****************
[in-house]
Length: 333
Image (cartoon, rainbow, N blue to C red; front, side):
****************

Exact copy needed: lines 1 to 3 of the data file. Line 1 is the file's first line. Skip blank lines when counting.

[in-house]
Length: 333
Image (cartoon, rainbow, N blue to C red; front, side):